Performance and proficiency assessments for language learners
When learning a language, students combine knowledge of new vocabulary, the grammar of the new language, and the various functions of the language (such as asking a question, making statements of fact, expressing opinions, etc.) to communicate. Many dual language programs build assessments for their students that test both language skills—the vocabulary, grammar, and functions mentioned above—and content knowledge. After all, nobody wants to over-test students, especially when you can often accomplish everything you’re trying to measure in one assessment.
That said, it does make sense at a few points within a student’s dual language experience to assess their language skills without worry that the results will be impacted by content-specific knowledge. Having a language-specific assessment can give teachers valuable information about the skills students are strong in and the skills that need additional development.
Within the field of language-specific assessments, there are two broad types: performance assessments and proficiency assessments. Performance assessments measure mastery of specific language skills. For example, a performance assessment could test a student’s knowledge of a set of vocabulary words or the ability to use the correct tense of a verb. On the other hand, proficiency assessments focus less on whether a student performed a skill flawlessly and more on how well a student could use that skill in real-world situations.
For example, if you are at school learning how to order off of a simple menu, you might give a practice order of “Me gustaria un helado” (I would like an ice cream), and your order will be grammatically correct within your practiced, limited context (performance ✓). If you needed to perform the same skill on vacation in a Spanish-speaking country, you might want to order food that you don’t know the exact vocabulary for, such as “Me gustaria el plato de arroz con mariscos,” and, if you are in Spain, your host will probably know that you want paella (proficiency ✓).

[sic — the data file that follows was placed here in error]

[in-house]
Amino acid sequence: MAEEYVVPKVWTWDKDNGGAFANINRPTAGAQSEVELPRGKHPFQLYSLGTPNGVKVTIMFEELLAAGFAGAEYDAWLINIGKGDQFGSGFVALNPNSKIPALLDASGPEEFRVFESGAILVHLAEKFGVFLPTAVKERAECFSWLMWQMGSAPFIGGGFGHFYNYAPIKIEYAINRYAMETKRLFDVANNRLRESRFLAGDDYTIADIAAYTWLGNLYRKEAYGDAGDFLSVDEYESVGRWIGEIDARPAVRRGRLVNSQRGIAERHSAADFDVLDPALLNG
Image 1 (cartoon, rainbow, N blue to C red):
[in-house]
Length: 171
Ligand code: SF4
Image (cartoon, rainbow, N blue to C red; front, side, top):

So which is better?
Both are important! Knowing the basics of grammar will help you communicate simple things such as, “Hello, how are you?”, “I love ice cream.”, and “Where is the bathroom?” Developing a more complex understanding of a language makes advanced tasks more manageable, like telling stories, expressing opinions, and using formal language (like writing a resume).
Teachers are usually able to incorporate performance assessments throughout the school year, while Participate Learning provides externally validated proficiency assessments at three points in a student’s dual language career: at 2nd**, 5th, and 8th grade. These grade levels align with the North Carolina Department of Public Instruction’s Dual Language/Immersion Exit Proficiency expectations (see page 8). The external assessment that we currently use to measure student proficiency is the ACTFL Assessment of Performance toward Proficiency in Languages, also known as the AAPPL.
**2nd grade testing is currently optional and was introduced in 2020.
While you’re welcome to visit the AAPPL website and learn more now, we’ll also be publishing another blog post soon with more information about the AAPPL, how it works, what it measures, and how the results can be used. Stay tuned!